In a world where music royalty is actually immortal, Otis Ray Redding Jr. turns 70 tomorrow. The man graced with the sweetest voice to bless my ears would’ve grown more raspy with age, but still carry the aura of the world’s most soulful man. Instead, the voice has been gone for nearly 44 years.
Redding died in a Wisconsin plane crash in 1967 at the age of 26. Exactly one year later, in a coincidence that gives me shudders, my favorite social activist/theologian — Thomas Merton — was accidentally-electrocuted at the age of 53.
The fit is actually rather natural. When I was younger I found it necessary to plaster my bedroom with quotes and photos of the two men (along with Steve Yzerman and other folks). I would’ve found it soul-crushing to know I would never converse with the two or gone on some wild goose chase to obtain something autographed by the men.
But that’s what so incredible about music. If you stripped all my belongings from me save a few records, I could get by on the company of friends, family and music. Redding’s voice kills me nearly every time I hear it. Like Sam Cooke, Jackie Wilson, David Ruffin and precious few others, the sound of Redding singing cuts to something in the core of me. Something about his delivery — whether it be a cry, a moan or a roar — pokes at whatever it is in my body that triggers emotion. Dude can make me cry. When he borrows Sam Cooke’s legendary “A Change Is Gonna Come,” he owns it til Sam takes it back. It’s magic.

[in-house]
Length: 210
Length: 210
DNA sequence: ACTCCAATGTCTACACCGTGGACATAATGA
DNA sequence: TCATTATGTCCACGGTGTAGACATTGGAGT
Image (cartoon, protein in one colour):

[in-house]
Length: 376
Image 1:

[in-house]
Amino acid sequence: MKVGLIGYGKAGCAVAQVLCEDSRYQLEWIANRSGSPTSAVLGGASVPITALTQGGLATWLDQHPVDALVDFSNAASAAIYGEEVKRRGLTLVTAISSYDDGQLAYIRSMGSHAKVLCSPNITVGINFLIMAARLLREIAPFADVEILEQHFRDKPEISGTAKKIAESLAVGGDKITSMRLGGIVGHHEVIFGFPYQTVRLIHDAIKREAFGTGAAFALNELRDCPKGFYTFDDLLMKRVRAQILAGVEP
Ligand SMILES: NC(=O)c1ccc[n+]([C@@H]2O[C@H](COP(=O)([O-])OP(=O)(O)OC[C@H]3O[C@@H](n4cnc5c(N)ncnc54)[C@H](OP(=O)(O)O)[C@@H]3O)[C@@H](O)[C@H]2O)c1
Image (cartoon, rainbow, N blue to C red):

I’m not going to say there aren’t those active in music with some sort of ability to call upon that feeling, but most of them feel like they are trying to find that emotion because someone told them they must. They rarely do. Going back to the debut of Mariah Carey and extending into the American Voice of Talent Idols age, it’s been more vocal range exhibitions than those special moments provided by Motown and its surrounding acts.
In my perfect immortal world, God took Redding up to Heaven to spearhead a new era of awesome from the angel choirs. In fact, days like today with a string of his and Cooke’s music hit me just right and so versatile.
“(Sittin’ On) The Dock of The Bay” is fishing with my father, uncle and me in Red Bay, Ontario when I was a kid.
“I Can’t Turn You Loose” is an impromptu dance party with my wife and son (the former wouldn’t let me name the latter Otis, FYI).
The aforementioned “A Change Is Gonna Come” is hope.
Rest in peace, Otis. Thanks for the pipes.